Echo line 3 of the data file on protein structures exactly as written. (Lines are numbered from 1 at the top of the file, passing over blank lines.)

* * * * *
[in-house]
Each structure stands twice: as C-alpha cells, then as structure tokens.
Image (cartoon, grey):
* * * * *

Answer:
Image (cartoon, grey):